As if Mako as Juliet and Chiba as Romeo isn’t enough, we get Ana and Maiko in beanies, everyone’s favorite older sister as a maid, male Yuki in a suit, Sasa as a knight, and friar Takatsuki. If there were such a thing as too much cuteness, then this episode would be it. The only one who wasn’t joining in on the fun for a change was, amazingly, Shuuichi.
Aside from the overwhelming cuteness, the haunted house scene was particularly enjoyable. Haunted houses in anime culture festivals are part of the holy trinity along with ( maid/ neko / other) cafes and shows such as plays or bands, but really, why is everyone in anime who goes to a haunted house actually scared? Maybe I’ve just been going to the wrong haunted houses, but all the ones I’ve seen have been more or less exactly as the one from this episode was portrayed. The only people who scream are generally screaming only because they enjoy screaming. I have the same issue with tests of courage, where pairs go to a shrine and back – why are all anime characters afraid of the dark? This haunted house scene was quite refreshing in how it broke this stereotype.
One of the best things about Hourou Musuko is how all of the characters are just so likable. They feel so authentically human. Even the characters which are kind of jerks or kind of annoying, such as Chiba and Momo, are understandable and sympathetic. Chiba’s friend from church has probably been portrayed the most negatively out of everyone so far in his extremely short screen time, but I’m already feeling sorry for him, even though he’s a jerk as well. I loved the brief scene from this episode where he yawned during the beginning of the play that everyone else was so passionate about. Who hasn’t been in those shoes before? The creators did an amazing job building such depth of character in everyone with such a miniscule amount of time.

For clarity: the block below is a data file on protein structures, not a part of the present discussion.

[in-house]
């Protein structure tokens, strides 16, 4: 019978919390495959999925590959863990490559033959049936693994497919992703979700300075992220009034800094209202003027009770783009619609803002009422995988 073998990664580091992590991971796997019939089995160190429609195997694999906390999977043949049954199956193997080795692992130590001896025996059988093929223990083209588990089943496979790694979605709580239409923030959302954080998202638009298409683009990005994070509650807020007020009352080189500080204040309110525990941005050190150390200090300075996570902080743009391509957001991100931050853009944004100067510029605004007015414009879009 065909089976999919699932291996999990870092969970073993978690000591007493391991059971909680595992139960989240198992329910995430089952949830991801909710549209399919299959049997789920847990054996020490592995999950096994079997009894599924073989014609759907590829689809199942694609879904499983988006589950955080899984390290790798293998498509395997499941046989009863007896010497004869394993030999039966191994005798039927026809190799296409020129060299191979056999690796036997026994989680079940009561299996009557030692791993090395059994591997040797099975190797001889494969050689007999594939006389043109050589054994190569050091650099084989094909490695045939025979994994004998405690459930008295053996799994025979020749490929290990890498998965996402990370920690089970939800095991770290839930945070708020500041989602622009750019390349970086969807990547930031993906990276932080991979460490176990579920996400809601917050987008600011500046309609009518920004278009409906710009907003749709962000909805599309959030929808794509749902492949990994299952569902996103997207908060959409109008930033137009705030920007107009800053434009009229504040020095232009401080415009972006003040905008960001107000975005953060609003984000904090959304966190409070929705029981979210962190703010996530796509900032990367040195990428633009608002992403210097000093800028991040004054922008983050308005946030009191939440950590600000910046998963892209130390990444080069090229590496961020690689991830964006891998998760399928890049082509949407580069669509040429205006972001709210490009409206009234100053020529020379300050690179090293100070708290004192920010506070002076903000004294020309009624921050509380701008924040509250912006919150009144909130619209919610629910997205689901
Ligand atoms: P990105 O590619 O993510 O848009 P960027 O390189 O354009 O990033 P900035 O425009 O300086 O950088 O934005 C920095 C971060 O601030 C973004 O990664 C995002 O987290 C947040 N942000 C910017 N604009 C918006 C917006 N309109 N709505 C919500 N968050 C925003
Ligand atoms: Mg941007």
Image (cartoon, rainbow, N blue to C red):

And we have yet another amazing episode. I really missed this show over the hiatus. The way the characters are developed is just superb – I honestly don’t think there are any shows that have done this so well since Simoun. Case in point: the guy from Chiba’s church (I’m not sure if we even know his name yet). He hardly had maybe a minute of screen time tops, and we already know so much about him- how he’s in love with Chiba, kind of a jerk, and not easily embarrassed. He already feels more like a real person than three quarters of the characters from any other show this season.
We learn even more about the other characters from their reaction to his question if Nittori was a cross-dresser. The way he said it didn’t really seem that offensive to me – he definitely wasn’t intending to offend anyone, and probably didn’t even realize it was a secret. Nittori didn’t even seem to mind too much, except for the fact that he didn’t want his other classmates to know. Takatsuki storms out of the house in a rage – overprotective much? Chiba tells him he’s a jerk, although I imagine this isn’t the only reason she says that, and Chi thinks Nittori’s cross-dressing is the greatest thing ever.
Chiba continues to be a total badass – she has no qualms whatsoever about saying exactly what she thinks, even if it involves killing everyone, including the apothecary, the friar, and even passerby A. The script for that scene was hilarious, especially how she agreed with Mako’s statement that the world doesn’t revolve around her and Nittori but conveniently left out herself. Chiba is a great balance to Nittori’s wishy-washiness.